Via a friend of my wife, I was introduced to the head of sales at Albertsons, a lovely guy called Larry Hansen, and he helped us get into approximately 75 Albertsons and Safeway stores in Texas and the Pacific Northwest. We put our machine in an organic incubator in New Jersey and filled our first PO’s in July 2017. These were our first customers.
Our target customers are parents - it’s that simple. We did a bunch of research when we started Noshi and discovered that if you give kids more responsibility in the preparation of their food, either in the kitchen or at the table, they’re more likely to eat it. They relish the challenge, they want to make their parents proud by showing they can complete a task, they love that their parents are trusting them to do something well and they love to draw pictures. All of which is very important but really, Food Paint is just a healthy, fun condiment for kids. It shouldn’t be looked at as being high concept or a big idea - it’s just a healthier alternative to maple syrup or strawberry syrup that you can DRAW PICTURES WITH!! So our target customer is a health-conscious parent to kids aged between 3 and 10. There are approximately 10 million millennial moms in the USA and the number is increasing by 1 million every year. That’s a big market!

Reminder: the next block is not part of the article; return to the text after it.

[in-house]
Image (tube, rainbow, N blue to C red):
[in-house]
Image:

At the same time though, we’ve had quite a few people point out to us that Food Paint has a potential second customer base amongst adult couples, as an adult ‘art’ product. Hey - whatever gets you through the night, right?
It was initially self-funded and then we approached friends and family for pre-seed investment but we’ve got this far on a pretty small budget, all things considered. Initially there was a lot of stumbling around in the dark due to my lack of food industry experience, then a fair amount of stopping and starting as we met various people who we thought could help but who then turned out to be on, shall we say, a different wavelength. People who thought we should use juice concentrate instead of puree, who thought there should be a grape flavor and a chocolate flavor. Food Paint is simple, healthy and fun. It’s just organic fruit puree. Don’t overthink it.
It’s scary building a new company, but also exciting. It’s easy to get carried away when you meet someone who seems like they’d be a great addition: “OMG, with this person on board we can take on the world…”. That might be true but you can take on the world slowly. Make sure this person is someone you can sit next to in a tiny office, potentially late into the night, and make sure they make you laugh. It needs to be fun, otherwise why bother?
I spent my entire career before this working in the fashion industry as, variously, a magazine editor, a model agent, a producer, a photo agent and a photographer. I basically spent twenty years sitting on beaches with supermodels (I have a GREAT Naomi Campbell story…) but I can say, hand on heart, that the food industry is more stimulating, more exciting, more challenging and more rewarding.